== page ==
Glenn “Toxic Waste Dump” Kenny has been deep-sixed from Hollywood Elsewhere. His spray-piss attitude is beyond rancid. I will not tolerate his bile. I told him we’re done and he said “go ahead…I was done with you three weeks ago anyway. And forget the bet that you’re going to lose. I won’t even take money from you.” Oooh, Glenn forfeits $50 so he can make a point about his integrity! All he had to do was rein himself in and not behave like a belligerent, supercilious dry-drunk. Alas, too tough a task.
Here’s a tip of the hat to the late Shirley Temple for her acting in Victor McLaglen‘s deathbed scene in John Ford‘s Wee Willie Winkie (’37). Let’s just hang on to this and…I guess we could mention her lightly amusing performance in The Bachelor and the Bobby-Soxer (although Cary Grant, Myrna Loy and Ray Collins were the standouts). In the same way it’s better to remember Elvis Presley from ’54 to ’58 and forget the rest, it’s better to remember Temple as a cute little kid and forget that she became a Republican sometime in the ’60s.
Mark Harris‘s latest Grantland piece is titled “Oscar Season Turns Ugly.” Many Oscar seasons have been ugly to some extent. Some years back David Poland wrote that “every Oscar-bait film is its own little war” or words to that effect. Oscar campaigns are an extension of this mindset, and it follows that they, like any political campaign or debate, are colored by combativeness and certain forms of cruelty. Oscar campaigns don’t exist in a Marquess of Queensberry realm and they never will. Besides last year’s torpedoing of Zero Dark Thirty by a gang of leftist Stalinists over accusations that Kathryn Bigelow and Mark Boal‘s film was allegedly endorsing torture was much, much uglier than anything going on this year. I still feel nauseous about that episode when I think back on it.
The extended-cut Bluray of Ridley Scott‘s The Counselor (138 minutes vs. the 118-minute theatrical version) streets today. I’ve rented it on iTunes for viewing this evening. In the view of Forbes.com’s Mark Hughes, the theatrical version was over-abbreviated but the long version allows the characters to breathe easier and and stretch their legs and fill things out. If this view turns out to be widely shared, people will call it a repeat of the extended Bluray cut of Scott’s Kingdom of Heaven — a significantly better version than what was shown in theatres.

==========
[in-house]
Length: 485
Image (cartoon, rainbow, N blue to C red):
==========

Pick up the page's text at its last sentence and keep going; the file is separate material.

In the view of Indiewire‘s Jessica Kiang, Hossein Amini‘s The Two Faces of January, based on a 1964 novel by Patricia Highsmith and screening at the Berlinale, is a letdown. “Something is lost in the translation,” leading to “little more than a competent disappointment, and a strangely old-fashioned one at that,” she writes. “The problems are script-deep, because as a director, Amini shows himself capable if uninspired, but here as screenwriter, he’d appear to be back on the same kind of form that led to the reverent but rather mechanical literary adaptations Jude and The Four Feathers.”
The Devil’s Disciple, a respectable 1959 adaptation of an 1897 George Bernard Shaw play, has been pretty much forgotten. It costarred three big movie stars — Kirk Douglas, Burt Lancaster, Laurence Olivier — at their respective peaks, but it’s not on DVD (let alone Bluray) and you can’t watch it on Netflix, Hulu or Vudu. (The VHS version is for sale on Amazon.) It must have lapsed into public domain. It was co-produced by Douglas’s Bryan Prods. and Lancaster’s Hecht-Hill-Lancaster Films (even though Harold Hecht is listed as the sole producer). It was shot on black-and-white with a 1.37 (or 1.66) aspect ratio by British director Guy Hamilton (Goldfinger, Funeral in Berlin). I saw it eons ago on TV, and watched about half of it last night on YouTube. It’s not half-bad — spirited, intelligent, witty, impassioned, well-acted. It’s a shame that it’s teetering on the brink of extinction.